Issue 3 of Responsibility syndrome
Now that you know that being overly responsible isn’t doing you any favors, why not just stop doing it?
There are two main reasons why it’s hard to start letting go, even when we understand that our behavior probably isn’t sustainable in the long run. Today we will have a look at the first reason, something called “confirmation bias”. Tomorrow we will look at the second one (fear of losing control.
Reason number 1: Your assumptions about how things work mean that you selectively take in information that sustains the belief that the world will fall apart if you don’t keep up your performance.
As humans, we have filters for what type of information we choose to take in. We pay attention to and notice things that are consistent with what we already believe to be true (= confirmation bias). Other information is ignored or deemed less useful or important.
This filtering can form the basis of our personal, inner truths, or what psychologists call core beliefs. A core belief can consist of assumptions about ourselves, the surrounding world and relationships. For example: “if I don’t do everything perfectly I will be excluded”, “I’m a fraud, and I will be found out if I don’t work extra hard”, “others can’t help me”, or “everything hinges on me”.
Due to the confirmation bias (i.e. our tendency to selectively filter information), you will only remember the times when being overly responsible was necessary and led to positive consequences.
Of course, you will also remember the (probably quite few) times when what you fear (and try to avoid through being overly responsible) actually happens: when your boss is disappointed with a less-than-perfect assignment, you give a poor presentation after not having had time to prepare, a lunch at work gets awkward when no one comes up with a topic, your group of friends see each other less often when you stop inviting everyone to activities, and so on.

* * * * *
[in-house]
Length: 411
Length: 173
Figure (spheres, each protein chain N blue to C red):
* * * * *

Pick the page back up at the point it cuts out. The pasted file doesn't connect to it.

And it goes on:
In short, the confirmation bias makes you stack up evidence that suggests you have no other choice than to continue in your old ways. Unless, of course, you can stop and think about your fundamental assumptions and how they affect your filter. That provides an opening to change.
Write down what you think would happen in a few different situations if you were less responsible than you are today. Think about how difficult it would be to not take on that responsibility, and rate your estimated discomfort on a scale from 1 - 10 (where 10 stands for the highest possible discomfort).
- My children would be wearing mismatched and sometimes slightly dirty clothes at preschool (discomfort 6)
- Some of my coworkers would feel left out at lunch if I stopped trying to include them in all conversations (discomfort 4)
- We would hand in our project after the deadline if I didn’t hurry my team on (discomfort 8)
- Our recycling containers at home would overflow if I didn’t go to the recycling station every other day (discomfort 2)
Save this list for tomorrow, when you will use it to construct a behavioral experiment.